Mursi makes first Israel contact in Peres letter

President’s Residence rebuffs Egyptian denial that correspondence took place.

By
July 31, 2012 17:38
2 minute read.
Mursi attends a meeting with Mashaal in Cairo

Mursi (370). (photo credit: Amr Abdallah Dalsh/ Reuters)

 
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Newly elected Egyptian President Mohamed Mursi sent President Shimon Peres a brief note Tuesday, marking the first time he has had formal contact with Israeli leaders.

The note arrived just hours before US Defense Secretary Leon Panetta landed in Cairo for talks with Mursi. The US has made clear to the new Egyptian government on numerous occasions that it expects Cairo to live up to all of its international commitments, including the peace treaty with Israel.

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Mursi made no reference to the treaty in his note, which was in response to a message from Peres on the eve of Ramadan – which began last Friday – sending greetings for the holiday.

“Mr. Shimon Perez (sic), president of the State of Israel,” Mursi’s note read. “It was with deep thanks that I received your congratulations on the advent of the holy month of Ramadan.

“I take this opportunity to reiterate that I am looking forward to exerting our best efforts to get the Middle East peace process back to its right track in order to achieve security and stability for peoples of the region, including [the] Israeli people.”

Following publication of the note, the Egyptian media – according to the Amman base Al Bawaba web site – reported that Mursi’s spokesman, Yasser Ali, denied that the note was ever sent.

“President Mursi has not sent any letter to his Israeli counterpart. This information does not correspond to reality,” he was quoted as saying.



The President’s Residence responded by saying they were very strict about always checking with the other side before publicizing private correspondence with the president. This protocol was followed in this case as well. The note was transmitted to Peres through the Egyptian embassy in Tel Aviv.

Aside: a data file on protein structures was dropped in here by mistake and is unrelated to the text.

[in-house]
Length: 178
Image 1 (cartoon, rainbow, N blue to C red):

Diplomatic officials speculated that the denials were likely the result of political pressure on Mursi after reports of the note were widely publicized in Egypt.

Peres’s letter on the eve of Ramadan was his second to Mursi. He also wrote him last month following Mursi’s election victory, at the same time that Prime Minister Binyamin Netanyahu sent a letter. Both letters stressed the importance of maintaining the 1979 peace agreement.

Mursi did not publicly responded to either letter. One diplomatic official said, however, that there have been “ongoing talks with the Egyptians.”

Another diplomatic official said it was “good” that Mursi responded to Peres. But he cautioned about reading too much into what he said was a very general message that did not leave a lot of room for a continuation of the interaction.

Peres, in the congratulatory letter he sent Mursi last month after his election, wrote: “As someone who took part in the process that led to the peace agreement that was signed between my country and yours, I know that both Egypt and Israel attribute supreme importance to regional peace and stability – which serve the interests of all peoples in the region.

“All of us in Israel greatly respect Egypt and the Egyptian people, who have served as pioneers and have outlined the way of peace and reconciliation in the region, and we know that the work is not yet finished,” he continued.

Mursi, after he was sworn into power, stressed in a speech that he would stand by the Palestinian people.

At the same time, he also said Egypt would respect its international treaties.

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